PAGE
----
ACH, Cognitive Bias, and Politics

On Friday I got wiped out by the ‘flu, to the extent that I spent much of the last five days sleeping, or trying to. Fun, fun.

Somewhere along the way, though, I read an interesting paper on ACH – the Analysis of Competing Hypotheses, which I’ve probably written about at some point in the past. Specifically, it’s a thesis paper by Drew Brasfield, a (former) student of Mercyhurst professor Kristan Wheaton, which attempted to determine both how objectively effective ACH is as an analytic tool, and how effective it is at mitigating cognitive bias.


Why should you care? ACH is a relatively simple analytic tool, and is also fairly popular, probably for that very reason. It’s fairly easy to make use of, you don’t need to be a math whiz or computer genius to use it, and no special tools are required. It’s also just about understandable to laypeople with a very brief explanation, so it’s (declared) use might under some circumstances engender (extra) confidence in results derived from it, because there’s nothing especially mysterious or complicated about it. (Whereas if someone asks how you arrived at a conclusion and your explanation is riddled with jargon and scary-sounding words like “gaussian”, it’s easy to suspect you’re blowing smoke up their bum.)

But does it actually work?

That was the question Brasfield set out to answer.

Short answer: Maybe. The magic eight-ball says (statistically) “inconclusive”, try again later.

With a small sample size of around fifty people, Brasfield’s test subjects did nine percent better on what was basically an either-or problem (a domestic political election with two candidates) using ACH than using unstructured reasoning. Not really overwhelming evidence either way, but – and this is hardly a surprise – it at least suggests that ACH doesn’t do any harm.

Some of the other data from his study might actually be more interesting – and useful – than the statistical benefits of ACH, or lack thereof. People who used it had a higher degree of confidence in their work, and exhibited dramatically (Brasfield says “tremendously”) fewer discernible signs of confirmation bias, one of the great-granddaddies of analytic failures. (Given that the subjects were apparently all intelligence students, this was possibly not a great cognitive bias to examine. Then again, given the large number of participants who exhibited signs of this…)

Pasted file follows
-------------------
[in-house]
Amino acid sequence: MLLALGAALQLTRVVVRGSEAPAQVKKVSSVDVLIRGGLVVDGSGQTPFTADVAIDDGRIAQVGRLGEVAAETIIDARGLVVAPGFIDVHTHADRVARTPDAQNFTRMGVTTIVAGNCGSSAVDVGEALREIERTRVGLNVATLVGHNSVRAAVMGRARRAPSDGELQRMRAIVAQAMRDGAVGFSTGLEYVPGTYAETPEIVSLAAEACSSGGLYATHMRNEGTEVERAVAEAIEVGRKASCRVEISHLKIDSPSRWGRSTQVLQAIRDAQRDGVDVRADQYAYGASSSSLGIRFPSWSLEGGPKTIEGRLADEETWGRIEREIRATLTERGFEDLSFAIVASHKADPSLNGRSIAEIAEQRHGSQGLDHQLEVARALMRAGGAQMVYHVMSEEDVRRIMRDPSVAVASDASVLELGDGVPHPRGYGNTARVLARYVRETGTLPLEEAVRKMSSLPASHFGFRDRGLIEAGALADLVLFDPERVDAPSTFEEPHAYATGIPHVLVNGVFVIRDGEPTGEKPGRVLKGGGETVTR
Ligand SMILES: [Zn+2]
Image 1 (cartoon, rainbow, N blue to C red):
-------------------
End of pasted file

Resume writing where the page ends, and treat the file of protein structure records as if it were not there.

This suggests, to me, that ACH probably results in better-quality work products, even if the bottom line (i.e. accuracy) isn’t materially affected. So, yay.

Other tidbits from the thesis that I found interesting, though they have almost nothing to do with the main thrust of the research: As part of studying cognitive bias, all participants were queried for their political affiliation. Not too surprisingly, the majority of students identified as Republicans, though the numbers weren’t quite as lopsided as I’d expected. (There’s a kind of stereotype of liberals in the intelligence community as being… largely nonexistent.)

Much more surprisingly…

“Among Democrats, the percentage of participants who forecasted in favor of Gregoire(D) compared to Rossi(R) was strongly in favor of Gregoire and remained nearly identical from the control to experimental [i.e. ACH – Nemo] group. While this might suggest the effects of a [political] mindset were prevalent in both groups, it is more likely this appears to be the case not because of the influence of an actual mindset, but because Democrats overwhelmingly forecasted correctly in both groups.

(Emphasis mine, natch.) Well, Democrats do insist they’re the “reality-based” party, so…

Published in: Geekiness, General | on September 28th, 2010| 1 Comment »

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  1. On 10/11/2012 at 12:43 pm belong Said:

    belong…

    ยป ACH, Cognitive Bias, and Politics – Entropic Memes…

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